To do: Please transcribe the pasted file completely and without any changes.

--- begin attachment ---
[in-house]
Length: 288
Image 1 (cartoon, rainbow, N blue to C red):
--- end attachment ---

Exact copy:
[in-house]
Length: 288
Image 1 (cartoon, rainbow, N blue to C red):